Restoration of FGF signalling is sufficient to rescue the distal expression of Jag1 and 5′Hoxd genes in Grem1-deficient limb buds
Our previous genetic analysis indicated that Grem1 is required to establish EM feedback signalling and to propagate Shh expression in the distal mesenchyme (Michos et al.,2004; Zuniga et al.,1999). Likewise, the expression of Jag1 in distal limb bud core mesenchyme depends on GREM1-mediated EM feedback signalling (see Fig. S1 in the supplementary material). However, the analysis of Htuhomozygous mouse embryos [carrying a point mutation in the Jag1 gene(Kiernan et al., 2001)] shows that JAG1 itself is does not regulate the expression of 5′Hoxd and other morphoregulatory genes in the developing limb bud. Rather, this Notch ligand seems to regulate aspects of cell proliferation in the limb bud mesenchyme(L.P. and R.Z., unpublished). For the purpose of the present study, Jag1 is used as an additional marker expressed within the digit-forming territory of the distal limb bud mesenchyme (see Fig. S1 in the supplementary material).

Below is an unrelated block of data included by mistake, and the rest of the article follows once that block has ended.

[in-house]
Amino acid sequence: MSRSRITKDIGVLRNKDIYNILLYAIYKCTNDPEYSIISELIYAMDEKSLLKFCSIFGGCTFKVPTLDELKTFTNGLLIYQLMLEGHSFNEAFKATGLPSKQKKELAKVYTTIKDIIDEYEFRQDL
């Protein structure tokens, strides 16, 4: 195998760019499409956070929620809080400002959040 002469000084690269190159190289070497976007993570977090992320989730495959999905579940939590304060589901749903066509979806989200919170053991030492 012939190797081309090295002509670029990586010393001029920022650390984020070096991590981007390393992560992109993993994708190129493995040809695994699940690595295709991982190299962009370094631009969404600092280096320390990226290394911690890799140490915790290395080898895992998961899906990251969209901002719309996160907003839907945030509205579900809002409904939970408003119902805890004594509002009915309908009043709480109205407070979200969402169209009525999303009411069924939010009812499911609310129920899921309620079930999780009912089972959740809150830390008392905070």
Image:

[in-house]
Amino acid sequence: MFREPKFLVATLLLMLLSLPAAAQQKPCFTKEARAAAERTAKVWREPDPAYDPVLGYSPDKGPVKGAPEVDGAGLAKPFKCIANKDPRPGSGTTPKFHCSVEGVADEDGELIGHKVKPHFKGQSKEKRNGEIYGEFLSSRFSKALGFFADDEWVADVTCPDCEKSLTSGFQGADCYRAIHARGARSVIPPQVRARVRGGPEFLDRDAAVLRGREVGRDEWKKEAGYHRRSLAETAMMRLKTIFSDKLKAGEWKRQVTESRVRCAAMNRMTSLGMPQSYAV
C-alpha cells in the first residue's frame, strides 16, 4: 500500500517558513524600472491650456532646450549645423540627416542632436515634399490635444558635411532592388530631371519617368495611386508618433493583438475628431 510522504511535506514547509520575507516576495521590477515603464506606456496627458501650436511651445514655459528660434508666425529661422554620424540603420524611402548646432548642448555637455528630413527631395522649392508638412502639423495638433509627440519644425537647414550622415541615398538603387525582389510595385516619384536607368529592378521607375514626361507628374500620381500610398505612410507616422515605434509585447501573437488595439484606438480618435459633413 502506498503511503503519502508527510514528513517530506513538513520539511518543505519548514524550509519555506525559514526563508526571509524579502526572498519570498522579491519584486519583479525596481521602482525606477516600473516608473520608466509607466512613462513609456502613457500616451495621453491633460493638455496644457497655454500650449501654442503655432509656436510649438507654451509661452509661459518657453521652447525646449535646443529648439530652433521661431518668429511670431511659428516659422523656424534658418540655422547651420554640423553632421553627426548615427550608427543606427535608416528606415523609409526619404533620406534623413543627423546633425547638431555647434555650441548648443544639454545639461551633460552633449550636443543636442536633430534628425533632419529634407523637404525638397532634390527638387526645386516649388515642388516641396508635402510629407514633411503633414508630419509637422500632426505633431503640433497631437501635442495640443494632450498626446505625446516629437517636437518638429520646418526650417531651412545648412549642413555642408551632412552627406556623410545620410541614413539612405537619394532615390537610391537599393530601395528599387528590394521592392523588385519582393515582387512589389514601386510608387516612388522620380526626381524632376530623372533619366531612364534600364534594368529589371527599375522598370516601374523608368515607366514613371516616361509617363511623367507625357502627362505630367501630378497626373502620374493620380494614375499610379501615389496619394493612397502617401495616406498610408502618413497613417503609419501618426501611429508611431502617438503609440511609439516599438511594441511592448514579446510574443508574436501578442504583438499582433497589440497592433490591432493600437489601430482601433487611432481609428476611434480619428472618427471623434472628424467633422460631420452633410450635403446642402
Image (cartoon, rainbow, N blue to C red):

To gain insight into the temporal and spatial kinetics by which GREM1-mediated EM feedback signalling regulates gene expression in the distal limb bud mesenchyme, GREM1 and FGF producing cell aggregates were grafted into the posterior limb bud mesenchyme of Gre1In2/In2 embryos(E10.25, 31-33 somites). These experiments establish that Shhexpression in the posterior mesenchyme is restored (red arrowhead, Fig. 2A) and Fgf4expression in the AER activated within 9 hours (red arrowhead, Fig. 2B). In limb buds lacking Grem1, grafts of FGF4 and FGF9 expressing cells restore Shhexpression with identical kinetics (Fig. 2C; data not shown). This initial restoration of EM feedback signalling (Fig. 2A,B) is followed by upregulation of Jag1 expression in the distal mesenchyme within 15 hours (between graft and AER, Fig. 2D). The expression of 5′Hoxd genes in the distal mesenchyme is restored within 15 hours(Hoxd13, red arrowhead, Fig. 2E; Hoxd11 and Hoxd12: data not shown). Furthermore, grafts of FGF4 producing cells into Grem1 deficient limb buds restore Jag1 and Hoxd13 expression with identical kinetics (Fig. 2F,G).